Jan. 9 was a day that many track and field athletes and coaches will never forget, because when they showed up at the Maracaná complex, they found that the doors were closed.
Former athlete and coach Edneida Freire was not even able to get inside to collect the materials she uses in the activities she carries out with children, adolescents and the disabled, partly with the aim of discovering new talent.
“They evicted us,” Freire told IPS. “They didn’t even give us any notice; we just got here one day and the gate was closed.”
She feels she is in mourning because many of her students can no longer attend the classes she now gives in public squares, because of the lack of safety.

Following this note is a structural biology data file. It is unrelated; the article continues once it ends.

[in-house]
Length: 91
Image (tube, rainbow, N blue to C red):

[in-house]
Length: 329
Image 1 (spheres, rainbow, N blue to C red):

“Many of them showed promise,” she said. “The great majority were boys and girls from the favelas (shantytowns), and some had problems with the law, and they were practicing sports as a socio-educational activity. All of that is at risk today.”
But Freire still hopes to return someday to Célio de Barros, after the new complex is built. “We couldn’t be any worse off than we are now; we have nowhere to train and compete,” she said.
The “people’s World Cup and Olympics committee”, which groups some 50 social movements, NGOs and trade unions, as well as academics, believes there is still time to turn the situation around, at least partly.
“They’re going to build a parking lot and shopping centre there. They want to boost property values in the area. They announced that they would build another building, but they won’t. It’s all just empty promises,” Committee member Marcelo Edmundo told IPS.